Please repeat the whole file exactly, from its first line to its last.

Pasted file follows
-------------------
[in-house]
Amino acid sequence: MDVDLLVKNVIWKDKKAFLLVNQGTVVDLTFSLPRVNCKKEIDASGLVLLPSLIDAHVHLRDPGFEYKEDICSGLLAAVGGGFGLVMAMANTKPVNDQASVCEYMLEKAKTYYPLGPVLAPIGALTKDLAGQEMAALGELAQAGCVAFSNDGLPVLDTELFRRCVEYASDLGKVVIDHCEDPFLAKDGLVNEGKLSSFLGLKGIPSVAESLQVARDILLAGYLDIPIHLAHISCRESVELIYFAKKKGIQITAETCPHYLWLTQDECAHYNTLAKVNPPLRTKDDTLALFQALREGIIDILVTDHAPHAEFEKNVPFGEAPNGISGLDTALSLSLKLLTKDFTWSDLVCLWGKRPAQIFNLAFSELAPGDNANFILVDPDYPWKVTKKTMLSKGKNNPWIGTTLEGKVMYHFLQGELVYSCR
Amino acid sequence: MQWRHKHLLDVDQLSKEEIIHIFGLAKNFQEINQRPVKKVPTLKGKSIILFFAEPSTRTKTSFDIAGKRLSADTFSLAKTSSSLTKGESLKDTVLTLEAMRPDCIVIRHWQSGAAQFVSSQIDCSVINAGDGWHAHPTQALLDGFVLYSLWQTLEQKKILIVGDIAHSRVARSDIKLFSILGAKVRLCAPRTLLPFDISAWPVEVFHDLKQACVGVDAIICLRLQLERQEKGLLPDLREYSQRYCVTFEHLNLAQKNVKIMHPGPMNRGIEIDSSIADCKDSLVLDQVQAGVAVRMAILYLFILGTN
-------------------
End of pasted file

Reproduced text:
[in-house]
Amino acid sequence: MDVDLLVKNVIWKDKKAFLLVNQGTVVDLTFSLPRVNCKKEIDASGLVLLPSLIDAHVHLRDPGFEYKEDICSGLLAAVGGGFGLVMAMANTKPVNDQASVCEYMLEKAKTYYPLGPVLAPIGALTKDLAGQEMAALGELAQAGCVAFSNDGLPVLDTELFRRCVEYASDLGKVVIDHCEDPFLAKDGLVNEGKLSSFLGLKGIPSVAESLQVARDILLAGYLDIPIHLAHISCRESVELIYFAKKKGIQITAETCPHYLWLTQDECAHYNTLAKVNPPLRTKDDTLALFQALREGIIDILVTDHAPHAEFEKNVPFGEAPNGISGLDTALSLSLKLLTKDFTWSDLVCLWGKRPAQIFNLAFSELAPGDNANFILVDPDYPWKVTKKTMLSKGKNNPWIGTTLEGKVMYHFLQGELVYSCR
Amino acid sequence: MQWRHKHLLDVDQLSKEEIIHIFGLAKNFQEINQRPVKKVPTLKGKSIILFFAEPSTRTKTSFDIAGKRLSADTFSLAKTSSSLTKGESLKDTVLTLEAMRPDCIVIRHWQSGAAQFVSSQIDCSVINAGDGWHAHPTQALLDGFVLYSLWQTLEQKKILIVGDIAHSRVARSDIKLFSILGAKVRLCAPRTLLPFDISAWPVEVFHDLKQACVGVDAIICLRLQLERQEKGLLPDLREYSQRYCVTFEHLNLAQKNVKIMHPGPMNRGIEIDSSIADCKDSLVLDQVQAGVAVRMAILYLFILGTN